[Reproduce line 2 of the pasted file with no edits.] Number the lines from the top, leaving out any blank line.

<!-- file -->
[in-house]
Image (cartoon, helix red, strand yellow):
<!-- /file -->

Image (cartoon, helix red, strand yellow):